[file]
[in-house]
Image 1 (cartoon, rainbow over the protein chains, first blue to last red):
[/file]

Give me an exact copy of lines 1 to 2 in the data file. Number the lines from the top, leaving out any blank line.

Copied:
[in-house]
Image 1 (cartoon, rainbow over the protein chains, first blue to last red):